The Wanderer

As I walked through the wilderness of this world …

Posts Tagged ‘expository preaching

The unbearable lightness of preaching

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The therapeutic concerns of the culture too often set the agenda for evangelical preaching. Issues of the self predominate, and the congregation expects to hear simple answers to complex problems. Furthermore, postmodernism claims intellectual primacy in the culture, and even if they do not surrender entirely to doctrinal relativism, the average congregant expects to make his or her own final decisions about all important issues of life, from worldview to lifestyle.

Authentic Christian preaching carries a note of authority and a demand for decisions not found elsewhere in society. The solid truth of Christianity stands in stark contrast to the flimsy pretensions of postmodernity. Unfortunately, the appetite for serious preaching has virtually disappeared among many Christians who are content to have their fascinations with themselves encouraged from the pulpit.

Al Mohler delivers the second in a series of broadsides at the modern pulpit. Good stuff!

Written by Jeremy Walker

Friday 23 August 2013 at 07:35

The pitfalls and promises of expository preaching

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Written by Jeremy Walker

Tuesday 14 August 2012 at 09:46

Posted in Pastoral theology

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Murray on expository preaching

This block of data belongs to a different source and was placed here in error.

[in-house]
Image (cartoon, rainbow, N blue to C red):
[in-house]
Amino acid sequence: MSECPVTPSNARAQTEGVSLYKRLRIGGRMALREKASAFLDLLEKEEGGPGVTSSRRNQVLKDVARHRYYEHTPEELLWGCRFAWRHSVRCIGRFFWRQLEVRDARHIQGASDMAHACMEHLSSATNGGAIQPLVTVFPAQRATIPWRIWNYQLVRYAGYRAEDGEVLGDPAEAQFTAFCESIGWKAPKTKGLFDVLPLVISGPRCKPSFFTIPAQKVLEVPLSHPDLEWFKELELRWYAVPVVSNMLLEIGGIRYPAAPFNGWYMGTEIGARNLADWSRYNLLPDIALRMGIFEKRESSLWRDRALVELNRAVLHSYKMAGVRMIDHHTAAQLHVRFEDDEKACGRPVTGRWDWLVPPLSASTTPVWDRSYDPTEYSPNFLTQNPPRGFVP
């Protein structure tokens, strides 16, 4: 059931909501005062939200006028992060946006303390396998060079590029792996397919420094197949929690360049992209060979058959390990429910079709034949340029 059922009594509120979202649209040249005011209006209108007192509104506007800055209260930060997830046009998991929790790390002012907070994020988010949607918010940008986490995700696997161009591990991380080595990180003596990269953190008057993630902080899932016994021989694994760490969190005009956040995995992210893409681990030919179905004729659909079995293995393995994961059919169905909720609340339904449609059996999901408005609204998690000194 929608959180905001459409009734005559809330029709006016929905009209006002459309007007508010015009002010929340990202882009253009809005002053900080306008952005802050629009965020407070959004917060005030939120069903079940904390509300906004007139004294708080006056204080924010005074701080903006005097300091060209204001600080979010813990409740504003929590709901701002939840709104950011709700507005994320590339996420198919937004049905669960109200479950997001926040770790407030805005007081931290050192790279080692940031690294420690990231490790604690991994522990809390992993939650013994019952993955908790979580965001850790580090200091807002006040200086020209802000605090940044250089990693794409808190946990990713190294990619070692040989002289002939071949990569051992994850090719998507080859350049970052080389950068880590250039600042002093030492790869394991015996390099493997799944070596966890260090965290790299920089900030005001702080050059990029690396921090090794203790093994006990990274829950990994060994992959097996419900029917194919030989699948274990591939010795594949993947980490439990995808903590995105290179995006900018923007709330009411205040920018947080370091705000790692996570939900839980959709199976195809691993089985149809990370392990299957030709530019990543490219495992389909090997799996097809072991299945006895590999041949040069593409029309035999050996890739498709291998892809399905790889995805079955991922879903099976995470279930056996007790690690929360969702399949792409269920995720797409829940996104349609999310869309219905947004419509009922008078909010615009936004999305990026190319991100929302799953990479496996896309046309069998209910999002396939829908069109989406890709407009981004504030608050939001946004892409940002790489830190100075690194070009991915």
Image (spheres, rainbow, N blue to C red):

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A simple and conversational yet forceful delivery commands both respect and response. Enthusiasm inspires. Logic is convincing, the illogical confusing. As preachers let us have a heart. Let us stop wearying our audiences. Let us make our preaching so absorbingly interesting that even the children would rather listen to us than draw pictures and will thus put to shame their paper-and-pencil supplying parents. But we may as well make up our minds that an absolute prerequisite of such preaching is the most painstaking preparation.

With this challenging quote from R. B. Kuiper, Iain Murray sums up another provocative article in the Banner of Truth Magazine.  What with Stuart Olyott’s toothsome contribution on mediate regeneration last month (which stirred up plenty of debate, although I think its central thrust was both accurate and helpful), it looks like the Banner magazine may be rediscovering its bite.

Murray’s argument is not for the abandonment of ‘expository preaching’ (by which he means systematic, consecutive exposition of a book or passage of Scripture), but a warning to take account of its weaknesses compared with what might be called the ‘topical’ or ‘textual’ sermon.

Of course, there is a danger in such terms.  Is a topical sermon expository?  Certainly it ought to be in the basic sense of an opening up of a given portion of the Word of God.  Consider Spurgeon, for example.  While Spurgeon is rarely held up as a model exegete, you can read almost any one of Spurgeon’s sermons and you will find a very thorough grasp of its context and meaning lying behind the form that he gives it.  In that sense, Spurgeon is thoroughly expository.  At the same time, Spurgeon knew himself, and was confident that both he and any congregation to which he preached would be bored to tears within weeks if he began to preach a consecutive expository series: his genius lay in another direction.  The preacher who would be a textual sermoniser must know his Bible and be willing and able to understand and, if necessary, situate the verse in its immediate and wider context.